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The Courage Of Mercy

A Reflection by Brother Alois of Taizé – December 2015

Throughout the year 2015, at Taizé, we looked for ways to get involved in new solidarities; these are so urgent today. Across the earth, new forms of distress – migratory, ecological and social – are a challenge for believers of different religions and for non-believers alike.

Armed violence is wreaking havoc in the name of inhuman ideologies. While remaining clear-headed, we shall continue our “pilgrimage of trust” as a way of resisting the fear generated by insecurity. It is even more urgent that those who are looking forward to – or already living – a globalization of solidarity support one another.

When the storm rages, a house built on rock remains stable (Matthew 7:24-25).

We want to build our lives on the words of Christ, and so our rock will consist of a few basic Gospel realities, accessible to all: joy – simplicity – mercy. These are set at the heart of the life of our Taizé Community; they enable us to keep going, even in difficult times, assimilating them in order to return to them day after day.

These three words will guide us on our journey over the next three years. In 2016, we shall begin with mercy, in the same spirit as the Year of Mercy launched by Pope Francis.

The Gospel calls us to bear witness to God’s compassion. Here are five proposals to awaken in us the courage of mercy.

Proposal 1 – Entrust ourselves to God who is mercy

You are a God who forgives, a gracious and compassionate God, patient and abounding in love. (Nehemiah 9:17)

Be merciful as your Father is merciful. (Luke 6:36)

According to the Bible God is mercy, in other words compassion and kindness. By telling the parable of the father and his two sons (Luke 15), Jesus shows us that God’s love does not depend on the good we can do; it is given unconditionally.

Proposal 2 – Forgive again and again

Clothe yourselves with compassion, kindness, humility, gentleness and patience. Bear with each other and forgive one another if any of you has a grievance against someone. Forgive as the Lord forgave you. (Colossians 3:12-13)

Peter came up to Jesus and asked him, “Lord, how many times shall I forgive my brother or sister who sins against me? As many as seven times?” Jesus answered, “I tell you, not seven times, but seventy times seven times.” (Matthew 18:21-22)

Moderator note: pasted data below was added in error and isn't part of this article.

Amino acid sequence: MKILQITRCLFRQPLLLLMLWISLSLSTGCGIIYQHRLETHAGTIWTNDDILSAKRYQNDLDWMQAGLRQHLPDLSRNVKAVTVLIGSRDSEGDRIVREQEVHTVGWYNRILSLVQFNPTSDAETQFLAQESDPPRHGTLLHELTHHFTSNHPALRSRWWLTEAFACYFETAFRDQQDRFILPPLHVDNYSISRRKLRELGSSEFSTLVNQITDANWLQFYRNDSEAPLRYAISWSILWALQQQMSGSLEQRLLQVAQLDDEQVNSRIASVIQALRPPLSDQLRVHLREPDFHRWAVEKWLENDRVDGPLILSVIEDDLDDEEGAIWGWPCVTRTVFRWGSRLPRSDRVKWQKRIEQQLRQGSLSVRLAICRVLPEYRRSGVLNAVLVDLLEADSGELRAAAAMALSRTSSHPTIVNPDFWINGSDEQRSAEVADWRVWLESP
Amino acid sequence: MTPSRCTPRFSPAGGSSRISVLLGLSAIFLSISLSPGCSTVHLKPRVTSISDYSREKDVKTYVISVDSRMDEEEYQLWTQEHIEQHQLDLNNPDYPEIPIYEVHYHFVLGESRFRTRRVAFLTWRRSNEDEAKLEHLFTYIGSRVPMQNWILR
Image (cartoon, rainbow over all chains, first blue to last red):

God’s forgiveness never fails. In the course of his entire life and even on the cross, Christ forgave; he refused to condemn anyone.

Proposal 3 – Draw near to a situation of distress, alone or with a few others

If you give yourselves on behalf of the hungry and satisfy the needs of the oppressed, then your light will rise in the darkness, and your night will become like the noonday. (Isaiah 58:10)

If anyone has material possessions and sees a brother or sister in need but has no mercy on them, how can the love of God be in that person? (1 John 3:17)

The icon of mercy shows Christ looking at us with love and telling us the story of the good Samaritan (Luke 10).

Proposal 4 – Extending mercy to its social dimensions

I am the Lord, who acts with kindness, justice and righteousness on earth. (Jeremiah 9:23)

This is what the Lord requires of you: to act justly and to love mercy and to walk humbly with your God. (Micah 6:8)

In the heart of God, all human beings make up a single family. So mercy extends to ever vaster dimensions.

Proposal 5 – Mercy for the whole of creation

Six days do your work, but on the seventh day do not work, so that your ox and your donkey may rest. (Exodus 23:12)

For six years you are to sow your fields and harvest the crops, but during the seventh year let the land lie unploughed and unused. (Exodus 23:10)

In the language of its time, the Bible calls us to extend our compassion to the environment, to respect all living creatures, not to work the land without discernment.

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